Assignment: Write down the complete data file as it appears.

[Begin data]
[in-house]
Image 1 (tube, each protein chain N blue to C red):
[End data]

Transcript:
[in-house]
Image 1 (tube, each protein chain N blue to C red):